Dissect a chicken from the supermarket to discover the unusual pulley system that enables birds to fly.
Many biologists are able to look at an animal, living or dead, and learn how it works. In previous decades, this ability was acquired in whole dissections of rats, frogs and earthworms.
These days, students have legitimate concerns about whether it’s right to kill animals solely to take them apart and study them. Fewer dissections are performed in schools, and they rarely involve whole animals – instead, individual organs such as the heart are used. At the same time, meat is increasingly sold pre-prepared and packaged to minimise handling or processing in the kitchen. Many children don’t grow up watching their parents handling meat or preparing whole chickens, rabbits or other animals in the kitchen. Consequently, today’s students approach dissection with less experience and a more profound feeling of squeamishness than ever before.
Nevertheless, the land vertebrate most commonly sold for food in a nearly complete state is probably the chicken, and it is therefore the livestock most familiar to students. Even without its internal organs, the chicken provides an excellent introduction to dissection.
The flight muscles of birds
The flight of birds has always fascinated humans. Our arms have the same sets of bones and we share many of the same muscles as birds, yet we can only flap our arms and imagine ourselves flying. Leonardo da Vinci, for example, was fascinated by the possibility of human mechanical flight and had a lifelong passion for studying the flight of birds and the mechanical workings of the human body. He produced countless annotated sketches of the shoulders and arms of humans and how they attach to the torso. Yet when he studied the structure of a bird wing, he drew it only as far as the shoulder joint. By not investigating the connections of the wing to the muscles that make it flap, he seems to have stopped just when things got interesting.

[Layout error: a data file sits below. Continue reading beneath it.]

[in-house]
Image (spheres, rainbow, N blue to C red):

The primary purpose of this activity is to show the two main muscles of the wing-flapping mechanism of birds and demonstrate how they work. It is perhaps surprising that although the structure of chicken wings and the muscles that make them flap are familiar to almost anyone who is not a vegetarian, people rarely make the connection between the two because the wings and the breast are often eaten separately. The secondary purpose of this activity is to familiarise students with the process and scientific value of dissections in general – that dissections are key to understanding how living things function.
The activity could be used in a biology lesson on bird flight or animal locomotion or related to a physics lesson on forces. It could also support a lesson on evolution – the reason birds’ wings are so similar in structure to our arms – or on model organisms, including how chickens can be used to investigate human limb developmentw1.
Depending on the age or ability of the students, teachers can either perform the dissection or encourage the students to do it for themselves.
A plucked chicken (see below)
A sharp knife or scalpel
A bamboo or metal kebab skewer
The more complete the chicken, the more interesting the demonstration. In some European countries, plucked chickens are readily available from supermarkets with the head, neck, feet and internal organs (giblets) intact. Teachers can extend this demonstration to other organ systems as desired. Alternatively, a wrapped supermarket chicken as sold in the UK without feet, neck or giblets is perfectly adequate for the demonstration as described here. Teachers may choose to buy organic or free-range chickens.